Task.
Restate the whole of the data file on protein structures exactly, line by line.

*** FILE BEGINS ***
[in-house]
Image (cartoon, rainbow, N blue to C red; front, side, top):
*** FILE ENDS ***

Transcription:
[in-house]
Image (cartoon, rainbow, N blue to C red; front, side, top):